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What can hydrocarbon fingerprints tell us about fracking in organic-rich shales?

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  • Full or part time
    Prof P S Monks
    Prof S Davies
  • Application Deadline
    No more applications being accepted
  • Funded PhD Project (European/UK Students Only)
    Funded PhD Project (European/UK Students Only)

Project Description

The accurate estimation of the hydrocarbon content of potential source rocks is increasingly important as unconventional sources of hydrocarbons become economically viable and we look manage of our environment responsibly as we try to meet our energy needs. This proposed PhD offers an exceptional interdisciplinary research opportunity to combine chemistry, geology and geomechanics and explore the fundamental links between the physics and chemistry of shales and the release of hydrocarbons.

Shale is an abundant sedimentary rock composed of compacted silt- and clay-sized material that often includes organic matter that may generate economically significant quantities of gas and oil hydrocarbons (Aplin & Macquaker 2011). Extracting oil or gas from shale requires pervasively fracturing the rock; termed hydraulic fracturing (“fracking”), this consists of drilling a well in the prospective shale units and injecting water under high pressure mixed with a proppant (~5%) and chemical additives (~0.2%) to fracture the rock and stimulate the release of hydrocarbons (Bickle et al, 2012). Proof-of-principle laboratory experiments (Sommariva et al, 2014) demonstrate it is possible to quantify in real-time (second by second) a wide range of non-methane hydrocarbons (NMHC) gases as they are released during a fracturing process (Figure 1). Systematic variations in total organic carbon content are known to be related to lithological differences (Könitzer et al. 2014) but this has not been linked to the types of hydrocarbons released. The release of hydrocarbons into the atmosphere from oil and gas extraction can lead to the formation of pollutants and exploitation has important implications for air quality and climate. Therefore knowledge of the abundance of methane and speciated NMHC, and how that relates to geological characteristics of the shale is important. The PhD will explore how the physical character and chemical composition (lithology, mineralogy, organic matter type, maturity and abundance, and geomechanical properties) of the rock controls hydrocarbon (methane and other volatile organic compounds) speciation.

A range of organic-rich shale (mudstone) samples will be examined to determine mineralogy, lithology and fabrics. A range of imaging techniques (e.g. optical microscopy, CT, SEM) will be undertaken on samples before and after fracture stimulation to help assess fracture efficiency. Experimental research - The fracture processes and real-time data on the mode of failure and volume of gas discharged will be undertaken through a series of analytical experiments (e.g. Blake et al, 2004, Sommariva et al. 2014). NMHC release from the crushed samples in real time will be analysed using proton-transfer-reaction time-of-flight mass spectrometry (PTR− TOF− MS). The PTR technique is not sensitive to some classes of NMHC and the whole range of hydrocarbons will be analysed using thermal desorption gas chromatography mass spectrometry (TD− GC− MS). Experiments on intact and crushed rock samples will build a detailed understanding of the fracturing processes.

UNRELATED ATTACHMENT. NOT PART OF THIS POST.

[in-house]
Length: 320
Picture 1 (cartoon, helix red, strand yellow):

This project is builds on an existing collaborative venture between the University of Leicester and the British Geological (BGS). The BGS supervisors run the Fluid Processes Research (FPR) laboratories and have extensive experience working on a range of aspects relating to the multi-phase flow of fluids through clay-rich materials and the impact fracturing has on transport properties. The BGS currently has an active research programme examining aspects of the mechanical controls on hydraulic fracturing, rock stress, and multi-phase flow in Bowland shale as part of an industry co-funded consortium.

Entry requirements

Applicants are required to hold/or expect to obtain a UK Bachelor Degree 2:1 or better in a relevant subject. The University of Leicester English language requirements apply where applicable.

How to apply

Please refer to the CENTA Studentship application information on our website for details of how to apply.

As part of the application process you will need to:
• Complete a CENTA Funding form – to be uploaded to your PhD application
• Complete and submit your PhD application online. Indicate project CENTA2-CEHM3-MON in the funding section.
• Complete an online project selection form Apply for CENTA2-CEHM3-MON

Funding Notes

This studentship is one of a number of fully funded studentships available to the best UK and EU candidates available as part of the NERC DTP CENTA consortium. The award will provide tuition fees as the UK/EU rate and a stipend at the RCUK rates for a period of 3.5 years.

For more details of the CENTA consortium please see the CENTA website:

Applicants must meet requirements for both academic qualifications and residential eligibility:

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